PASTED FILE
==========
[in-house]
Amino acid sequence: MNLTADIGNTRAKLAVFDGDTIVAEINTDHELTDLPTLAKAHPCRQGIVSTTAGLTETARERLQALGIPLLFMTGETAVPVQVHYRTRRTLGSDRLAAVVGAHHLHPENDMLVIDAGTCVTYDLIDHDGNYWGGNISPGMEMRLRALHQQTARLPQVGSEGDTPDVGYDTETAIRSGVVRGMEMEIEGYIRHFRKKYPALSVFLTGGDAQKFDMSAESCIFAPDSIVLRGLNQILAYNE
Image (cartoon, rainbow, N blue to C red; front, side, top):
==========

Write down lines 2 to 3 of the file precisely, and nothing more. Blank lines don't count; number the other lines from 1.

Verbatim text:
Amino acid sequence: MNLTADIGNTRAKLAVFDGDTIVAEINTDHELTDLPTLAKAHPCRQGIVSTTAGLTETARERLQALGIPLLFMTGETAVPVQVHYRTRRTLGSDRLAAVVGAHHLHPENDMLVIDAGTCVTYDLIDHDGNYWGGNISPGMEMRLRALHQQTARLPQVGSEGDTPDVGYDTETAIRSGVVRGMEMEIEGYIRHFRKKYPALSVFLTGGDAQKFDMSAESCIFAPDSIVLRGLNQILAYNE
Image (cartoon, rainbow, N blue to C red; front, side, top):